We are commonly asked, ‘is bamboo towelling organic’ and if so why does it not come with an organic certificate in the same way our organic cotton towelling does?
The reason for this is due to the way in which bamboo towelling is manufactured. Unlike towelling made from cotton, bamboo towelling needs to first be turned into a ‘viscose’ in order that the cellulose can be extracted and turned into fibres for producing and weaving towelling fabrics.
During the ‘viscose’ process, the bamboo is exposed to various chemicals for the pulp of the bamboo to be dissolved and cellulose separated. Because of this chemical formula for extracting cellulose and the chemical processes that the raw bamboo crop goes through, the process means that bamboo fabrics are considered ‘man-made fibres.’
A fibre which has been classified as a ‘man-made’ product cannot also be considered organic and for this reason the main certification bodies do not recognise bamboo as an organic product and we are therefore unable to have the fabrics certified by any internationally recognised bodies.
But I have seen others labelling bamboo as ‘organic’?
The viscose process outlined above does not mean however that the bamboo crop from which the bamboo towelling is produced was not organic in nature or grown organically.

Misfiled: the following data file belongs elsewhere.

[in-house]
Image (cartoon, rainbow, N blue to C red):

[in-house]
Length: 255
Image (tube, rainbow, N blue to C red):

On the contrary, our bamboo crop is grown organically, without pesticides and without the need for harmful crop rotations. The fact that the bamboo is then processed through a scientific process (the closed-loop process) simply means that we can’t apply the organic label in the same way in which for example cotton and other fibres can have an internationally recognised certification assigned to them.
Bamboo towelling can be labelled as having been grown from organic crops, but a recognised certification for example from GOTS, or the Soil Association cannot be used to reinforce this claim, simply because such certifications do not currently exist for the reasons outlined above.
The advantages of using bamboo towelling include that is more sustainable to grow than cotton and other fibres, requires no pesticides or crop rotations, requires less water and absorbs more carbon dioxide than cotton crops.